NKorea cracks down on women's pants

Women face fine if caught wearing pants


Not only banned in Sudan, but also in North Korea, women in pants have become a sign of faltering public morals as the communist regime has set fines and hard labor as punishments for women who wear pants, South Korean activists said Friday.

Offenders can be punished with hours of forced labor or fines of 700 won ($0.56), almost a week's salary for the average worker, human rights group Good Friends said, citing its own sources within the isolated nation.

The Stalinist leadership's campaign is angering women who see skirts as less practical than trousers, Good Friends director Lee Seung-Yong said.

"Women are told to wear skirts in public places and in the streets, sparking complaints among them as they often have to work in tough conditions," he told AFP.

Disciplinary officials from students' bodies and women's organizations stand at street corners during the morning rush hour and lunch breaks, to keep watch for any women violating the pants ban, according to Good Friends.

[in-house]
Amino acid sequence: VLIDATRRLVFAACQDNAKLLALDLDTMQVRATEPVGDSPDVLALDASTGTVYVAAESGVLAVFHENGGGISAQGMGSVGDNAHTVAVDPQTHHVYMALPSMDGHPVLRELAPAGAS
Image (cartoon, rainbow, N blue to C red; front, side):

Uriminzokkiri, an official North Korean website, noted on Monday that ruler Kim Jong-Il had issued a decree in 1986 urging women to wear traditional Korean attire.

"The Dear Leader has said national character shows up not only in language, etiquette and morals but in attire as well," the site said.

It quoted Kim as saying the country's traditional skirts and jackets are a "source of our (national) pride" and that women should be "actively encouraged" to wear them.

The Dear Leader has said national character shows up not only in language, etiquette and morals but in attire as well

Uriminzokkiri, North Korean website

No pants in Sudan

Last week Al Arabiya reported that a famed Sudanese journalist was arrested for wearing pants in a public event in Sudan, an offence which could land her40 lashes for violating public morality.

Protesting the punishment, leftist <a href="http://www.alarabiya.net/articles/2009/07/14/78708.html"> Lubna al-Hussein </a>, who works at the Sudanese newspaper al-Sahafa and with the U.N. mission in Sudan sent out 500 invitations to her possible flogging in a bid to expose human rights violations.

Sudanese police arrested twelve other girls who were also caught wearing pants at the same event. Ten of them were immediately lashed 10 lashes at the police station.